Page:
The 4 C’s Of Impactful Advertising Campaigns by Knowledge@Wharton
Advertising campaigns advice from Droga5’s Colm Murphy
Colm Murphy is the group strategy director for Droga5, an advertising agency based in New York City. The firm’s client roster boasts some of the biggest brands in the world, including Coca-Cola, Chase, Google and Under Armour. Murphy, who led brand strategy for Rolex, Puma and Halls for JWT New York before joining Droga5, talked with Knowledge@Wharton about the creative process behind a successful advertising campaign and how to keep fresh ideas flowing.
An edited transcript of the conversation appears below.
Knowledge@Wharton: When you begin working with a new brand or on a new campaign, what are the first questions you ask? What kind of data do you need to get started?
Colm Murphy: We look at the world through four lenses. We call them the Four Cs, which are the company, the category, the consumer and culture. Within each of those, there are different amounts of research that you may need to do, depending on what you already have available and what new questions you need to answer. We get a lot out of digging really deep into what the company is all about, what the DNA and the soul of the organization might be about, what the brand really stands for, not just what it’s selling, what people’s ambitions are, where they want it to go. That’s the first part of it. And the second part of it is the category — what else is happening around the business that this brand is in. What space might there be? What other opportunities? What are the tropes and things you might want to avoid? What are the category dynamics?
The third part is consumer insight, which is probably the one that most people would be familiar with. But what we like to try to do there is get a little deeper, try to get into something that maybe hasn’t been uncovered by normal research. But because consumers are really good at telling you where they are now, what they are thinking about at the moment, the fourth is often the most interesting to us, which is the cultural piece. What’s happening in the culture that surrounds the subject matter that you’re thinking about? Because what’s happening there is where the customers will be in the future. We also do a lot of very qualitative research, often with cultural leaders and experts that can help us unlock a little bit about where things are going to go, rather than where they are now.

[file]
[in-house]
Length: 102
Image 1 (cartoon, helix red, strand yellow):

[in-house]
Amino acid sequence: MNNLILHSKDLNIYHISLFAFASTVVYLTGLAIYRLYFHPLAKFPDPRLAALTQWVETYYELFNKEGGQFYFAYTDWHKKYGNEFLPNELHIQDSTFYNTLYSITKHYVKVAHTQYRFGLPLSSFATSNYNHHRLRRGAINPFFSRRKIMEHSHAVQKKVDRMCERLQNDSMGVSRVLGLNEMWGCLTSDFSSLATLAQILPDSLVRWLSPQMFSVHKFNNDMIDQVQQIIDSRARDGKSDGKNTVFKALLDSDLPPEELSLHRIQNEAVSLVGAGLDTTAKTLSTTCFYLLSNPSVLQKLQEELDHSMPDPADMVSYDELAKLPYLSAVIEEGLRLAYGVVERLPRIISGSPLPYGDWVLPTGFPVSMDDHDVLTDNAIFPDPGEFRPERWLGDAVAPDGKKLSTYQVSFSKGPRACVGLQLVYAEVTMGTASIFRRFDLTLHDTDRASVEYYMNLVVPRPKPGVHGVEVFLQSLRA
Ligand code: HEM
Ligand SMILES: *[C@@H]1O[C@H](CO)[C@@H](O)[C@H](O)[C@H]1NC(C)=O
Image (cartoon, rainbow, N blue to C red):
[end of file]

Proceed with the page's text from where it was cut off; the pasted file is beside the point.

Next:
Knowledge@Wharton: An article about the agency quoted an executive from Coke Zero who said, “Droga5, they don’t impose their brand on the brand.” What does that mean to you?
“If something is very entertaining or very useful, you have a chance of it becoming viral.”
Murphy: The thing that’s consistent about what we do is the influence that we’re trying to achieve…. The process I was just talking about with the Four Cs is going to be different for every brand and every situation because it has different customers, and they deserve a fresh start every time. Every brand should have its own totally unique point of view, its own purpose and whatever executional elements and style are right for that situation. We have a set of values that we hold that are always the same in how we work, so we’re always creatively led, strategically-driven, digitally native and humanity-obsessed. It’s a set of principles that will always apply and will always get us to the right product for the problem at hand. But I think the similarities work in terms of philosophy more than strategy or execution for any particular brand.